1. Do not substitute other Macrolides
        2. Azithromycin and Erythromycin do not have adequate Helicobacter Pylori coverage
      4. Metronidazole (Flagyl) 500 mg orally twice daily for 14 days
        1. May substitute Tindazole (Tindamax) 500 mg orally twice daily for 14 days
  3. References
    1. Chey (2017) Am J Gastroenterol 112(2):212-239 +PMID:28071659 [PubMed]
  • Protocols
  • Adults Resistant Cases
  1. General for failed therapy
    1. Step Up to 4-5 agent therapy without Metronidazole
    2. Consider adding Rifabutin (Mycobutin)
      1. Qasim (2005) Aliment Pharmacol Ther 21:91-6 [PubMed]
  2. Quadruple therapy
    1. See Quadruple therapy above under adults long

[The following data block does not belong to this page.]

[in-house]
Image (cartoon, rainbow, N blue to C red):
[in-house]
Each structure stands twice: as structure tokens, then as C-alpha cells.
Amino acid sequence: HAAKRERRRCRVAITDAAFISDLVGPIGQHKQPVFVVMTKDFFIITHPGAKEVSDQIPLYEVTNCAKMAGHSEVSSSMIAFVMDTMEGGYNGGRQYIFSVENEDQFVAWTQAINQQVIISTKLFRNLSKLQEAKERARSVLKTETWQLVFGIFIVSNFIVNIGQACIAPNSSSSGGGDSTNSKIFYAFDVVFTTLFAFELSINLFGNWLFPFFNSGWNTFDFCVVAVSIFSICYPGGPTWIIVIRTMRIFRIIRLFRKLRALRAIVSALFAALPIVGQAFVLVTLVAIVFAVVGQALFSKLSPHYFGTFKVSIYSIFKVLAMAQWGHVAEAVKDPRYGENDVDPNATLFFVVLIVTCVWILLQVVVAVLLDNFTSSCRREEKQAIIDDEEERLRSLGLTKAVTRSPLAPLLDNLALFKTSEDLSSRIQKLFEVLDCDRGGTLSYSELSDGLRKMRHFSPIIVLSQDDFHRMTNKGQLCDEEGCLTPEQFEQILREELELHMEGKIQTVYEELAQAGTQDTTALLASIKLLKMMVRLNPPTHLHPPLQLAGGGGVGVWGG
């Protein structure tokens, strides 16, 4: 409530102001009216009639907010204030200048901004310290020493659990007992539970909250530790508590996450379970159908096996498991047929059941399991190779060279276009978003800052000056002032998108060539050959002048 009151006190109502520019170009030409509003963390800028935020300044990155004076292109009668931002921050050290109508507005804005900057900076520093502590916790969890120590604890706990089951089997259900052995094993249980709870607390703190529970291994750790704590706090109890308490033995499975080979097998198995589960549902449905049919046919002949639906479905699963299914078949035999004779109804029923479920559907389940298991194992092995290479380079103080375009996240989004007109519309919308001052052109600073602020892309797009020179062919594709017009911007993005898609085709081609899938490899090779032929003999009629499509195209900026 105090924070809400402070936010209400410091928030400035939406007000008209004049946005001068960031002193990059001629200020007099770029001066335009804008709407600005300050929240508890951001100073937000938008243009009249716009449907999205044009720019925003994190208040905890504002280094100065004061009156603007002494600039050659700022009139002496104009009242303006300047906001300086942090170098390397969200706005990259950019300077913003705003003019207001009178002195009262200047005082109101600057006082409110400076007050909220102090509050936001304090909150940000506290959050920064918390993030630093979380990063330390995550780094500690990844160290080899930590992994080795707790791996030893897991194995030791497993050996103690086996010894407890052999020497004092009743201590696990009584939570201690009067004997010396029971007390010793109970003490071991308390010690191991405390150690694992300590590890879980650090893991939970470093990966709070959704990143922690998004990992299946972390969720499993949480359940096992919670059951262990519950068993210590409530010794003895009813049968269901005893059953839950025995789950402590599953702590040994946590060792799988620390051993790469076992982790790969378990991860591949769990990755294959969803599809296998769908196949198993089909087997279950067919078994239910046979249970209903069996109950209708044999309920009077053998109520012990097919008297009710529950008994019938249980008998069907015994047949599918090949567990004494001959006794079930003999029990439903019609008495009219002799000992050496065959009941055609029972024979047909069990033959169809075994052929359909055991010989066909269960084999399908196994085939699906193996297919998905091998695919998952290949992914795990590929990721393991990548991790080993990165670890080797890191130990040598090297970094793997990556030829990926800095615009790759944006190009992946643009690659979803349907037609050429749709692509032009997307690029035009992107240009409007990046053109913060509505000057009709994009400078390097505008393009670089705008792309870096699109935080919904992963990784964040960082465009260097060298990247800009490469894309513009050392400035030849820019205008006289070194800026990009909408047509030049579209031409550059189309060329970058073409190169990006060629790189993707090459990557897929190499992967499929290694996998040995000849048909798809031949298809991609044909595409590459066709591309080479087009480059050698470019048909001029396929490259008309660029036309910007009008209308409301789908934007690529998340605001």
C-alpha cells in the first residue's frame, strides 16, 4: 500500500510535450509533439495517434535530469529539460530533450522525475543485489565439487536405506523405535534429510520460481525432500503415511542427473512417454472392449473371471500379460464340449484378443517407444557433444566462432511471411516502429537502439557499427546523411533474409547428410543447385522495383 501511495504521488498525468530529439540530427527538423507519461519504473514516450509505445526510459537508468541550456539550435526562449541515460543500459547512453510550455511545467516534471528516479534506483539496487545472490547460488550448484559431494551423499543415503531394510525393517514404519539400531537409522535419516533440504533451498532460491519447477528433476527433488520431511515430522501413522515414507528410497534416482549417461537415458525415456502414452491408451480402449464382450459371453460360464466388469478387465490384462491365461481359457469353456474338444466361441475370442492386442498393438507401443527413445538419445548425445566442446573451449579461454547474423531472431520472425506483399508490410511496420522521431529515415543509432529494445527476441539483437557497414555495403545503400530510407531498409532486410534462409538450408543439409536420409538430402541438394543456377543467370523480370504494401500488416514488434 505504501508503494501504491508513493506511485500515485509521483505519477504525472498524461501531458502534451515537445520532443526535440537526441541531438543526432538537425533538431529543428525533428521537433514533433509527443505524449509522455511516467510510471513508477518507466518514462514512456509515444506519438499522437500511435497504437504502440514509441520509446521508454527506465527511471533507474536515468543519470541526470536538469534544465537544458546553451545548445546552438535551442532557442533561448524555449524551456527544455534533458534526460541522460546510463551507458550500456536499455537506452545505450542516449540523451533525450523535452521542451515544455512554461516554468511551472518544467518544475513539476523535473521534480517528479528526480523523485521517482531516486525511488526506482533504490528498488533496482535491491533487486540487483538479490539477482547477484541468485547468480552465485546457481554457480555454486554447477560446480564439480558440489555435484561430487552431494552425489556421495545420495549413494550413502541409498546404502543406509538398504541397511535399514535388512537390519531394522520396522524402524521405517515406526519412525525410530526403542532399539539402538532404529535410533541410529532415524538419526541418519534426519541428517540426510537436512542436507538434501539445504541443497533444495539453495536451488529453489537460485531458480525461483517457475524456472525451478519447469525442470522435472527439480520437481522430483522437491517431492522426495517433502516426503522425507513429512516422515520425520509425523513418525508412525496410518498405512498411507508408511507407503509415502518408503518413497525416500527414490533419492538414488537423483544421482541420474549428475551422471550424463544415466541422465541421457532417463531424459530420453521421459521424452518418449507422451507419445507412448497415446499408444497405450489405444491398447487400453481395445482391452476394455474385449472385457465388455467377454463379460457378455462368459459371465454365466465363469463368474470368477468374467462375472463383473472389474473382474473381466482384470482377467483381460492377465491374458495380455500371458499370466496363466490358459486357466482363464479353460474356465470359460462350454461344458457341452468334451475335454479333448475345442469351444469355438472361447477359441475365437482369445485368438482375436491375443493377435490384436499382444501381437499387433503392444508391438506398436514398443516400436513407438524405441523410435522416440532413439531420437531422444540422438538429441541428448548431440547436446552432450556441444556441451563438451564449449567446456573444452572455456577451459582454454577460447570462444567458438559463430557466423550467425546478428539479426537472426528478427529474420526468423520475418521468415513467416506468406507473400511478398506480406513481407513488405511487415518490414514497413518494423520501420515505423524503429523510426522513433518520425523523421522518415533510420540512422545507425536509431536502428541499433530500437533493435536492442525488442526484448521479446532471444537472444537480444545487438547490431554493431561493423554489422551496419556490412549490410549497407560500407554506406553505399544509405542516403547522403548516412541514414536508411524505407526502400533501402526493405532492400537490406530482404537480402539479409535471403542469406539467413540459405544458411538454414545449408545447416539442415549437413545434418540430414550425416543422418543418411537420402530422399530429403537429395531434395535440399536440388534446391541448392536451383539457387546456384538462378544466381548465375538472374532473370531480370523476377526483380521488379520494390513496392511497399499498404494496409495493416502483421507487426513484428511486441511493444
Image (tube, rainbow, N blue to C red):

• Protocols
  • Children
  1. Indications for testing
    1. Suspected Peptic Ulcer Disease (uncommon in children)
    2. Testing and treating is not recommended for functional Abdominal Pain
    3. Wait to test for 2 weeks after last Proton Pump Inhibitor and 4 weeks after last antibiotic
  2. Protocol
    1. Omeprazole 1 mg/kg/day divided twice daily (max: 20 mg orally twice daily) and
    2. Take the following 3 antibiotics for 14 days (same as concomitant therapy above)
      1. Amoxicillin 50 mg/kg/day divided twice daily (max: 1000 mg twice daily)
      2. Clarithromycin 15mg/kg/day div bid (max: 500 mg twice daily)
      3. Metronidazole 20 mg/kg/day div bid (Max: 500 mg twice daily)
  3. References
    1. Gold (2000) J Pediatr Gastroenterol Nutr 31:490-7 [PubMed]
  • Management
  • Consider maintenance antisecretory therapy
  1. Maintenance management: 50% of treatment dose
  2. Indications
    1. Complicated Peptic Ulcer Disease
    2. Elderly or frail